A fundamental principle of bovinity is operating here and elsewhere. Tiny controls, consistently enforced, are enough to direct very large animals. The controls of a certificate-rich Internet are tiny, I agree. But we are large animals. I think it is as likely that the majority of people would resist these small but efficient regulators of the Net as it is that cows would resist wire fences. This is who we are, and this is why these regulations work. (Lessig, p. 73)

Despite its far-sightedness, after ten years in print and ten years of changes in law and technology, the book needed an update. In 2005, a wiki was created to this purpose. The resulting new version of the book, Code Version 2.0, is now online under Creative Commons licence. This means you can download the new edition  for free just clicking here.

In 2009 the

The end of Wikipedia as we know it

“Wiki, c’est fini?” one would ask (if one was a cheesy French singer from the 1960s). More seriously, is the dream of an open access encyclopedia over? According to a recent article published in the Chronicle of Higher Education the wiki model has “run out of steam“. Don’t worry, the article is not a trite invective insisting that Wikipedia is not reliable because the author of the article on Platonism is also the author of the one on Desperate Housewives. The message here is mainly that the participatory knowledge base  model turns out to be a utopian dream (at best). As of today, Wikipedia is mainly just another social network service (with its profiles, friend counts and online grooming rituals) – and not a very performing one, either.

But this is not the worst part. I’m more concerned with Wikipedia losing its liberal street cred and becoming yet another ivory-towering knowledge institution, with its coercing ontologies and its bigbrotheresque rules. If, in the current intellectual debate over scientific authority, we’re actually fighting the academic equivalent of Star Wars, last thing we need here is to discover that the rebel HQ Coruscant has been replaced by the Death Star.  

Wikipedia: the next inevitable step?

Wikipedia's next logo?


Support Prof. Horacio Potel!, or a portrait of the philosopher as a pirate

Addendum, Nov 14, 2009: As of today, we salute the recent decision of the Argentinian court dropping the charges against Prof Potel. Read more about this here (in English). Download court’s sentence here (in Spanish).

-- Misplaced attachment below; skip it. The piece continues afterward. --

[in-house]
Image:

Argentinean professor charged criminally for promoting access to knowledge
By the CopySouth Research Group

A philosophy professor in Argentina, Horacio Potel, is facing criminal charges for maintaining a website devoted to translations of works by French philosopher Jacques Derrida. His alleged crime:  copyright infringement. Here is Professor Potel’s sad story.

Prof. Potel usually wears a pirate eye patch while lecturing in philosophy

Prof. Potel usually puts his pirate patch on *before* lecturing in philosophy at UNLA

“I was fascinated at the unlimited possibilities offered by the internet for knowledge exchange”, explains Horacio Potel, a Professor of Philosophy at the Universidad Nacional de Lanús in Buenos Aires. In 1999, he set up a personal website to collect essays and other works of some well-known philosophers, starting with the German Friedrich Nietzsche and Martin Heidegger. Potel’s websites – Nietzsche in Spanish, Heidegger in Spanish, and Derrida in Spanish – eventually developed into growing online libraries of freely downloadable philosophical texts. Nietzsche in Spanish alone has already received more than four million visitors.


Astroturf activism in Russia – a tribute to Oleg Kireev

We tend to think about the Web 2.0 as an enhancer for democracy and political participation. In this conference, activist and new media theorist Oleg Kireev explains how in Russia – as well as in other former Soviet nations – reactionary politicians and corporations have staged flash mobs with the cunning use of blogs and social networking services, notably Livejournal. That’s how grassroot internet activism turns into astroturf media manipulation. The conference was held on October 14th, 2006, in Graz (Austria), at the third edition of the Dictionary of War lectures.

Oleg Kireev committed suicide five days ago, on April 3rd, 2009.


Oleg Kireev in 2006